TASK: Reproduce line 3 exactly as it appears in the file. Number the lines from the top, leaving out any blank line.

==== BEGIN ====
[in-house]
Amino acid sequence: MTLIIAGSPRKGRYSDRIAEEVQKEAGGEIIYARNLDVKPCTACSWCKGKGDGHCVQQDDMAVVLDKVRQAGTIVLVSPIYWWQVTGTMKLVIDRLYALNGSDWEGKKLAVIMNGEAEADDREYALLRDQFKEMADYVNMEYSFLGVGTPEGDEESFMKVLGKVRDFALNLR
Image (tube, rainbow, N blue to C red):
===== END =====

Image (tube, rainbow, N blue to C red):